Get more Mail & Guardian
Subscribe or Login

Ingonyama Trust to get a new board ‘soon’

The process of appointing a new, permanent Ingonyama Trust Board (ITB) — and an investigation into the land administration entity’s finances — has still not been concluded, despite the 1 January  deadline set by Land Reform Minister Thoko Didiza

But, says her spokesperson, Reggie Ngcobo, the two processes remain on track and should be wrapped up “soon”.

The term of the ITB office — which administers nearly three million hectares of tribal land on behalf of King Goodwill Zwelithini kaBhekuzulu — expired last June and was extended by Didiza for three months until 31  August.

On 1 September, Didiza, whose department funds the ITB, appointed an interim board and extended the term of office of its chairperson, Jerome Ngwenya, to allow for its restructuring while new members were selected. 

Ngwenya, a former judge, is the nominee of the monarch, who is being consulted, along with KwaZulu-Natal Premier Sihle Zikalala, about the appointment of a new chairperson.

Although no timeline was set for permanent appointments to the new board, Didiza said late last year that the process, along with the investigation into the ITB’s finances, should be concluded by 1 January.

The new interim board, whose members include lawyer Linda Zama and former Durban International Convention Centre chief executive Zethu Qunta, has focused on reorganising the entity. 

Earlier this year, Ngwenya initiated a retrenchment process in response to R23-million in funding being withheld by Didiza over the ITB’s failure to submit audited financial statements and annual reports on time. 

The interim board halted the process and an organogram drafted by Ngwenya was rejected because it failed to provide staff for community, youth and women’s development programmes.

Ngcobo said that due processes, including consultation with the monarch and the premier about the chairperson, who is the king’s nominee, still had to be concluded.

He added that the investigation into the ITB’s finances and allegations by traditional leaders that Ngwenya had used the body to enrich himself were still ongoing.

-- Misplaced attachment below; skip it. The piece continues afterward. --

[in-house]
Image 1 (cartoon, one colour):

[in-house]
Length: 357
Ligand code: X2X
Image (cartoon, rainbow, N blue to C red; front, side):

“There were certain allegations made by amakhosi that still have to be followed up before the investigation can be concluded,” Ngcobo said.

A source close to the process told the Mail & Guardian that the interim board had not held a full meeting during its three months of existence, with only committees tasked with dealing with various aspects of the ITB’s overhaul continuing to meet.

“It has been impossible for the full board to meet since it was appointed. Committees are meeting, but in a splintered way,” the source said. “There is no full-time chief executive, no company secretary, or no legal advisers in place. The entire structure is dysfunctional.”

Six of the ITB’s top executives — including chief executive officer Lucas Mkhwanazi and chief financial officer Amin Mia — returned to work late last year after being placed on de facto suspension by Ngwenya.

The group was reinstated in terms of a ruling by the Commission for Conciliation, Mediation and Arbitration. Mkhwanazi has since retired.

Ngcobo referred questions regarding the day-to-day functioning of the ITB to Ngwenya.

ITB spokesperson Simphiwe Mxakaza referred queries from the M&G to Ngwenya. He did not respond to calls or emails from this newspaper.

Subscribe to the M&G

Thanks for enjoying the Mail & Guardian, we’re proud of our 36 year history, throughout which we have delivered to readers the most important, unbiased stories in South Africa. Good journalism costs, though, and right from our very first edition we’ve relied on reader subscriptions to protect our independence.

Digital subscribers get access to all of our award-winning journalism, including premium features, as well as exclusive events, newsletters, webinars and the cryptic crossword. Click here to find out how to join them.

Paddy Harper
Paddy Harper
Storyteller.

Related stories

Advertising

Subscribers only

SANDF’s ‘dignity’ comes with a R200mn price tag

Find out about the SANDF’s new uniform, which is costing taxpayers close to R200-million, while mission-critical equipment is not maintained

Roshan Morar’s fingers in every pie, including KZN education and...

The controversial auditor’s firm seconded staff to run the education department’s finance offices for more than 15 years. What’s more, former KZN education director general Cassius Lubisi is the audit firm’s new chair

More top stories

As Covid third wave digs in, military health service sent...

The defence branch will assist with mass testing, screening and contact tracing

South Africa’s youth are not ‘millennials’

Labelling them in the same way as youth in the US leads to false perceptions and misunderstanding

Will the EFF capitalise on the ANC’s governance failures?

Good election outcomes for the party will mean Julius Malema’s dangerous racism will again receive airtime

A portal to empathy: Photographs that change the world

It is important not to look away from visceral pictorial evidence of the suffering of disempowered people
Advertising

press releases

Loading latest Press Releases…
×